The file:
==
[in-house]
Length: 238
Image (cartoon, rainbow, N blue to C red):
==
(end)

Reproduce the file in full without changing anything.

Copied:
[in-house]
Length: 238
Image (cartoon, rainbow, N blue to C red):